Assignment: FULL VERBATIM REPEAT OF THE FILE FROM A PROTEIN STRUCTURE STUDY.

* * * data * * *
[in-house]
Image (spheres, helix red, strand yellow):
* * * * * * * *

[in-house]
Image (spheres, helix red, strand yellow):